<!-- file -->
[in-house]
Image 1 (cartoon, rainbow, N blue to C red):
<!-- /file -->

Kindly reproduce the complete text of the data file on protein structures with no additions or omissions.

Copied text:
[in-house]
Image 1 (cartoon, rainbow, N blue to C red):